2nd US President

Official Presidential Portrait of John Adams (by John Trumbull, circa 1792)  via wiki commons http://www.whitehouseresearch.org/assetbank-whha/action/viewHome

Here in the United States of America, many of us are coming back to work after a three day weekend. We just celebrated our country’s 238th birthday. The day before the Declaration of Independence was approved by the Second Continental Congress, John Adams wrote his wife a letter in which he said about that day, “I am apt to believe that it will be celebrated by succeeding generations as the great anniversary festival. It ought to be commemorated as the day of deliverance, by solemn acts of devotion to God Almighty. It ought to be solemnized with pomp and parade, with shows, games, sports, guns, bells, bonfires, and illuminations, from one end of this continent to the other, from this time forward forever more.”

It is of little matter today that Adams was referring to July 2, the day the declaration was signed, and we celebrate on July 4, the day the declaration was made public to the masses. What is important is that 238 years later, we do celebrate as he envisioned: with parades and picnics, games and fireworks.

Fourth of July

My daughter and I cook over an open flame while my husband and son prep the fireworks.

My family had several events on our calendar this year. We couldn’t make them all. My favorite event, however, was right in our own backyard. We cooked food over a fire, enjoyed the swimming pool, and set off the nicest display of fireworks in the neighborhood. I miss the old tradition of the festival in Pennsylvania and then watching the fireworks with our extended family, but sometimes we have to give up old traditions and make way for new ones. We’ve been celebrating this way for four years now. It’s become our new tradition, and I have to say, it’s really quite nice.

And we have a lot to celebrate. We’re all healthy. I’m starting a new (and wonderful) new job. I just signed a three-book publication deal. We think we finally figured out what was wrong with our dog; he seems to be doing better now. Everything is going well.

And we live in the greatest nation in the world. What more could we ask for?

Oh? The book deal? I’ll be talking to you about it more in the coming months, but for now, I’ll just mention the first release will be here before you know it. It’s scheduled for November. November! It’s a mainstream fiction novel called Type and Cross. But we’ll discuss it later…

For Writers:
When we’re writing our novels, we often include the big holidays (Christmas, Thanksgiving, maybe Easter or Halloween) if they fall in our timeframe. But seldom do we think about the smaller ones. Look at the calendar and make sure you work them in. They’ll go a long way in helping you set your scene. Another great tip is to look at the nationalities and religions of your characters. There may be holidays that they should be celebrating because of where they come from or because of their faith. Details like these can really enrich your story and help develop your characters. And who knows? As you research these holidays, you may find something interesting that can turn into an interesting plot twist.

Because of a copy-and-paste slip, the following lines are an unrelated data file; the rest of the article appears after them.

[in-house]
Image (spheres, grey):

For Everyone:
If you live in the States, I hope you enjoyed your holiday. If not, well, I at least hope you had a good weekend. Here’s to all of us having a safe, happy, and productive week. How did you spend your weekend? Anything exciting to share? Any interesting holidays to write about in your WIP? Let’s talk about it.


4 Responses

    • We did have a great holiday. I’m glad you found the reminder helpful. Do you have any holidays where you set off fireworks? I’m sure they’re not in the winter. Or are they?

  1. Sounds like you had an enjoyable holiday. We also cooked outside (on the grill) and later had a fireworks. We also enjoyed seeing our neighbors’ displays, but our dog and cats were terrified.

    I enjoyed reading about the note John Adams wrote to his wife. Did you know that both he and Thomas Jefferson died on the same day, within hours, on July 4, 1826?

    Again I want to congratulate you on your new job and the book contract. I look forward to reading Type and Cross.

    • I did know that they both died on the same day. Interesting, isn’t it? Did you know that James Monroe passed away five years later on the same day? That makes three presidents who died on July 4th. One more Presidential Independence Day trivia fact: Calvin Coolidge, the 30th President, was born in Vermont on July 4th, 1872!

      Glad you had a nice evening, Joan, despite the scared pets. We had one scared dog and one thrilled beyond measure!

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